Even otherwise Aadhaar is far from a social and economic panacea. Continued data breaches, rights deprivations, mass exclusion from entitlements such as rations, high arbitrariness in deactivation etc. require an urgent public consultation on the Aadhaar program. It is pertinent to mention that this Aadhaar Act that was incorrectly certified as a money bill was passed circumventing any public scrutiny or parliamentary checks.

In addition to such a consultation, a multi-stakeholder approach needs to be undertaken by the Committee of Experts formed under the Chairmanship of Justice Srikrishna. Justice Srikrishna is well known and regarded for a report on the 1992–3 Bombay Riots. This is why the composition of the committee being dominated by government and those who have expressed public positions against privacy comes as a disappointment.

The drafting India’s privacy law without any diversity within the committee is sure to tilt the proceedings despite the best intent of the chair. To be clear there is not one civil society organisation or academic present to achieve balance. The composition of the committee does a disservice to the stature of Justice Srikrishna.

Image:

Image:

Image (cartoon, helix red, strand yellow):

Stepping back, but looking ahead at the Supreme Court we can draw some lessons from the final address of Dr. B.R. Ambekar to the Constituent Assembly when he stated that, “[w]ithout equality, liberty would produce the supremacy of the few over the many. Equality without liberty would kill individual initiative.” Imagine economic prosperity and even security without the ability to enjoy it. That is a world that gives up on civil rights. A right to privacy will guard liberty and help in securing equality through a path that does not cause fear and coercion. To caution against such a judgement due it’s likely impact would be privileging Aadhaar over the Constitution of India.